Text & Photo © CM Cordeiro 2014
The Swedish Network for European Studies in Economics and Business (SNEE), held its 16th annual conference on European Integration at the Grand Hôtel in Mölle from 20th to 23rd May 2014. The focal point of discussion was the ongoing developments in the area of European integration, specifically issues related to policy influencing economic developments in the region.
This gem of a hotel located on top of a hill is about a forty-five minutes drive from Helsingborg.
Professor Lars Oxelheim, Chairman of the Swedish Network for European Studies in Economics and Business (SNEE), during his Welcome Speech. He also introduced Keynote Speaker Mr. Peter Norman, Swedish Minister for Financial Markets who spoke about financial stability in the EU context.
Professor Lars Oxelheim together with Keynote Speaker Professor Kiyohiko G. Nishimura, Dean, Business School, University of Tokyo, former Deputy Governor of Bank of Japan, who addressed the issue of what Europe could learn from Japan in the experience of Abenomics or economic policies and reforms advocated by Japan’s Prime Mister Abe after 2012.
The view standing at the patio of Grand Hôtel.
Cross-disciplinary conversations do not occur often enough in academia. And it has been generally agreed that the location of the conference together with the calm and inviting view of the ocean would encourage friendlier, more constructive discussions on EU integration.
Session with Associate Professor Anna Jonsson.
Chair of the session was Lars Anell, Chairman of the Swedish Research Council and formerly Sweden’s United Nations and World Trade Organisation Ambassador in Geneva and EU Ambassaodor in Brussles.
Session with Associate Professor Patrik Ström, President of the Council for European Association for Research on Services (RESER), where he discussed the services industry in Latin America in relation to the EU.
A slide capture from my own presentation, discussing EU-ASEAN relations as regional integrators
from a co-evolutionary perspective. I had as discussant to my paper, Lars Anell.
In Anell’s (2014) most recent publication entitled Democracy in Europe – an essay on the real democratic problem in the European Union, I could not help but smile whilst reading the pages discussing “the Union as process”:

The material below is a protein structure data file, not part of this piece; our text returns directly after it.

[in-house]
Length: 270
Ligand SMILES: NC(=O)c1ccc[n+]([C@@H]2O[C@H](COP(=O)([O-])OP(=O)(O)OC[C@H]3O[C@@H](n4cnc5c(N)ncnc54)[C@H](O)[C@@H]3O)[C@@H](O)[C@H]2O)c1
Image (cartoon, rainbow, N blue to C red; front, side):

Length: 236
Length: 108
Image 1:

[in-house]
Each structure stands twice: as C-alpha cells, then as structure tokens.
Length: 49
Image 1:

“In common parlance the Community was referred to as a process – “a journey without a definite destination” Jacques Delors famously called it an Unidentified Political Object (UPO)” (Anell 2014:13)
“Related to the perception of the Union as a process is the conviction of a broad political elite that the project must keep moving relentlessly towards an “ever closer union” or the project will be derailed. You are not even allowed to pause. Almost all the leading European politicians – Helmut Kohl, Paul-Henri Spaak and Jacques Delors among them – have supported their arguments with the well-known bicycle metaphor. You have to keep pedalling otherwise you will fall over. Anyone who has moderate experience of using a bicycle knows that this is patently false. You can use the brakes and put down your feet when the bike comes to a stop – and take out the map to see where you are going.” (Anell 2014:14)
Dinner at Sofiero
Participants and speakers often arrive at different times during the conference days. But if there was a specific event at this conference not to be missed, it would be the dinner held at Sofiero.
Sofiero is the Swedish royal family’s summer house that has since the late 1970s, been open to the public. Its garden is renowned for the Rhododendron – all five hundred varieties of them – that blossom at this time of the year, sown in sprawling fashion across its slopes that contain its very own trickling brook.
Mingle by the sea that meets Helsingør of Denmark.
“You’ve read Hamlet?”
“Yes, a very long time ago.”
“You see that castle across the sea?
“Ah yes, I see it.”
“That would be the Danish royal castle, Elsinore where Shakespeare based his tragedy.”
“Mmm. Opening on a cold winter’s night, …”There is nothing good or bad, but thinking makes it so.”
Yes, I remember that one.”
Dinner was promptly served, with a free seating arrangement for the guests.
The culinary team at Sofiero was kind enough to cater to special order menus.
By trade, Mölle was once a small fishing village that is today undergoing a rapid transformation to encompass the services industry, catering specifically to the culinary and well-being tourism industries.
The speeches of highlight towards the end of of the conference, the vibrant talk and laughter that transpired between groups of individuals over dinner and coffee breaks, all lent support to the initial observation that the location and ambiance of the place was conducive for the exchange of knowledge and the planning of future research collaborations across disciplines. This would be an annual event worth looking forward to.